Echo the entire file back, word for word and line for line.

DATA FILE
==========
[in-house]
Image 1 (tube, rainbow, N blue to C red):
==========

[in-house]
Image 1 (tube, rainbow, N blue to C red):